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Google has given Microsoft something to think about with a seemingly successful advertising-based business model, but Microsoft can "out Google" Google with developers.

That's the enthusiastic view of Microsoft's recently appointed chief technology officer (CTO) Ray Ozzie, who believes Redmond can utilize MSN to beat Google and become the industry's largest beneficiary of online advertising-based services.

Ozzie was speaking ahead of Tuesday's rather disappointing "live software" announcement in San Francisco where Microsoft unveiled the advertising - and subscription - based Windows Live and Office Live.

Microsoft hopes to convert millions of Windows developers using software development tools like Visual Studio into content providers, building adverts and services into Windows Live, Office Live and Windows applications.

Microsoft is not just trying to follow Google, it's also chasing eBay and Amazon.com. These online empires have been releasing their APIs to developers for several years now, with developers building business offerings that integrate back into the main eBay and Amazon platform for exposure and sales.

While Microsoft may have been happy to let eBay and Amazon slide, Google caught Microsoft's attention with its advertising revenue and superior search.

"Google has done an amazing job at proving out the ad-supported model," Ozzie told last week's Vortex05 conference of chief information officers (CIOs), in San Francisco. "We [Microsoft] have to think how we'd monetize that under a different model."

The secret to monetization is - apparently - to translate the concept of the vast data center that Google has built using an infrastructure of commodity PCs (running Google's own Linux) that drives Google search, into the pseudo data center that is the MSN server and client architecture running Windows.

And, the fact MSN is just one of a handful of internet operators who has that size of infrastructure on tap, and because Microsoft "will" beat Google, Ozzie seems to believe it's a foregone conclusion that Microsoft will therefore beat all others to take the lion's share of the market for advertising-based services.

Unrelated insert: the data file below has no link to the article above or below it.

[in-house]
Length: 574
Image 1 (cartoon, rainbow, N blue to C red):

"There will be very few companies who have that scale to build that infrastructure," Ozzie said.

Ozzie joined Microsoft this year in a hire that was vital to the company's efforts to crack the nut of services and peer-to-peer, software-based, networking. Microsoft claims to offer "services" already, through such over-hyped activities as its Dr Watson to report errors in Windows and Xbox live.

Ozzie, creator of IBM's Lotus Notes groupware software, though, was going far further by developing software at his start-up Groove Networks that let individuals work together by securely slipping through firewalls to speed-up the collaborative process. That's got interesting crossover appeal for Microsoft's Office desktop productivity suite.

Microsoft's white-haired new boy says the company will leverage its relationships with enterprises and small businesses, and its footprint among seven million Windows developers to kick-start the ads revenue wheel. "An amazing number of developers use the [Microsoft] tools. I am very, very passionate about how services can be brought to bear to help those people make money," Ozzie said.

As ever, though, Microsoft's problems are scale and applicability of its service. Microsoft is renowned for building personal software that's great for individual or relatively small groups of users, but that struggles at the enterprise level.

Ozzie, for example, foresees problems developing different types of access controls in services that are simultaneously availably in public and private domains. Also, how do you provide search capable of spanning desktops, intranets and the internet - that's something even IBM has been at pains to differentiate between. Relevancy on the internet may be links or track backs while number of emails is a better indication of relevance on an enterprise network.

That's where Microsoft will need to draw on developers to enrich Microsoft's underlying platform or service. "We haven't yet cracked how to integrate what's on the desktop with what's in the various content management systems," Ozzie said.®

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